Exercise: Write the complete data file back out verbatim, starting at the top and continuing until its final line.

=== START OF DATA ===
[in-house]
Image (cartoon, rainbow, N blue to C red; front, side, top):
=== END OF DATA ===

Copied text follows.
[in-house]
Image (cartoon, rainbow, N blue to C red; front, side, top):